A Test for Aerobic Capacity

Posted by Scott Christensen

There are many tests available for coaches to use in assessing the track and field and cross country athletes aerobic abilities on their teams.  Throws coaches commonly use the over-head backward toss of the shot, jumping coaches use the three-legged bound, and distance coaches use the Kosmin Test; all in an attempt to predict future success.  None of these tests are foolproof, but they do offer a means for specific skill assessment.

For cross country coaches, training components can be separated into four general areas of focus.  All four categories need to be addressed in any endurance plan.  The specific endurance event itself dictates the prime area of training focus.  The four components are: lactate threshold, lactate tolerance, running economy and aerobic capacity (VO2 max).  In a cross country race of 3200 meters to 5000 meters, aerobic capacity is the prime physiological training target.  There is a test, the Cooper Test, which coaches can use in assessing the seasonal development of an individual athlete’s aerobic capacity.  A cross country athlete takes the test at the beginning of the cross country training cycle, and then at the end of the season the athlete repeats the test.  The coach can then assess numerically, with empirical data, the development of each athlete in that training cycle in regard to aerobic capacity.

First, a word or two on aerobic capacity in distance runners.  The real limiting factor in any race over 400 meters is inefficiency within the aerobic energy system.  In other words, it is the ability of the athlete to utilize oxygen at the contracting muscle fiber where carbohydrate is reduced to ATP, without fatiguing byproducts that spells success.  This process is true for all oxygen-breathing organisms.

Scientists measure aerobic capacity in milliliters of oxygen actually used, per kilogram body mass, per minute.  The average American, non-trained, has a VO2 max of about 35 ml/kg/min which is about equal to another mammal, the pig!  However, if starting with a favorable genome, some humans can reach a VO2 max value close to 80 ml/kg/min.  Rowers seem to have the highest tested values.  In contrast, the migratory Monarch butterfly has an aerobic capacity of nearly 1,000,000 ml/kg/min.  Birds are in the hundreds of ml/kg/min range.  A Thoroughbred horse is about 180 ml/kg/min, while sled dogs have been tested at 240 ml/kg/min.  Humans are in the low range, but runners have been shown to produce a 20% improvement in VO2 max values over a 15-20 week training period.

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The many reasons on why it takes so long to fully develop aerobic capacity for any given endurance training period lies in what the adaptations are in the body.  In order for a muscle to contract, ATP must be present on the fiber.  ATP is continually regenerated by breaking down carbohydrate without oxygen (anaerobic) and with oxygen (aerobic).  In humans the aerobic system dwarfs the anaerobic system, and in endurance racing that same situation exists.  In 5000 meter races there will most likely always be plenty of carbohydrate available for reduction to ATP.  The bottleneck is in the limited oxygen supply.  Humans just do not store oxygen in the body very well.  In order to improve aerobic capacity, most of the gains will involve a more robust oxygen delivery system.  That means a bigger heart, more blood volume, more capillaries, and a greater volume of proteins and enzymes present to facilitate the movement of oxygen from lung to muscle.  More oxygen available at the muscle fiber will promote a greater number of mitochondria to be produced and with a larger size.  All of this adds up to structural changes in the body that take weeks to change.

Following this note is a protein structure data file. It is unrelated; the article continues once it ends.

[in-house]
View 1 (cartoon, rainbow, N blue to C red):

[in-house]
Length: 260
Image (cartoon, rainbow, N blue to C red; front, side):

cooper_test_pictureThe Cooper Test is simple to do.  At the start of the season have each athlete on the team run six laps on the track to full exhaustion.  Use the attached chart (Figure 2) to determine what the completed time converts to in oxygen ml/body kg/min.  This is their individual field-tested VO2 max.  At the end of the season repeat the test and the improvement shown should be somewhere about 20% in ml/kg/min.  If not, change your training program to put more emphasis on aerobic capacity during the whole training cycle.


Figure 2. Estimated Maximal Oxygen Uptake(VO2max) for the 1.5-Mile Run Test
(Wilmore and Costill 2004)
Time         VO2max (mL/kg/min)
6:10 80.0 10:30 48.6 14:50 34.0
6:20 79.0 10:40 48.0 15:00 33.6
6:30 77.9 10:50 47.4 15:10 33.1
6:40 76.7 11:00 46.6 15:20 32.7
6:50 75.5 11:10 45.8 15:30 32.2
7:00 74.0 11:20 45.1 15:40 31.8
7:10 72.6 11:30 44.4 15:50 31.4
7:20 71.3 11:40 43.7 16:00 30.9
7:30 69.9 11:50 43.2 16:10 30.5
7:40 68.3 12:00 42.3 16:20 30.2
7:50 66.8 12:10 41.7 16:30 29.8
8:00 65.2 12:20 41.0 16:40 29.5
8:10 63.9 12:30 40.4 16:50 29.1
8:20 62.5 12:40 39.8 17:00 28.9
8:30 61.2 12:50 39.2 17:10 28.5
8:40 60.2 13:00 38.6 17:20 28.3
8:50 59.1 13:10 38.1 17:30 28.0
9:00 58.1 13:20 37.8 17:40 27.7
9:10 56.9 13:30 37.2 17:50 27.4
9:20 55.9 13:40 36.8 18:00 27.1
9:30 54.7 13:50 36.3 18:10 26.8
9:40 53.5 14:00 35.9 18:20 26.6
9:50 52.3 14:10 35.5 18:30 26.3
10:00 51.1 14:20 35.1 18:40 26.0
10:10 50.4 14:30 34.7 18:50 25.7
10:20 49.5 14:40 34.3 19:00 25.4

Estimated Maximal Oxygen Uptake(VO2max) for the 1.5-Mile Run Test Adapted from K. H. Cooper, “A Means of Assessing Maximal Oxygen Intake,” in Journal of the American Medical Association 203 (1968): 201–204; M. L. Pollock, J. H. Wilmore, and S. M. Fox III, Health and Fitness Through Physical Activity (New York: John Wiley & Sons, 1978); and J. H. Wilmore and D. L. Costill, Training for Sport and Activity (Dubuque, IA: Wm. C. Brown Publishers, 2004).



Scott Christensen is the head track coach at Stillwater Area High School in Oak Park Heights, MN.

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